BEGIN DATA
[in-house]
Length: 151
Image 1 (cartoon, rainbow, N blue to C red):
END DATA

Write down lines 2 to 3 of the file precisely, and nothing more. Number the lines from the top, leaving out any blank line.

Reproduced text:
Length: 151
Image 1 (cartoon, rainbow, N blue to C red):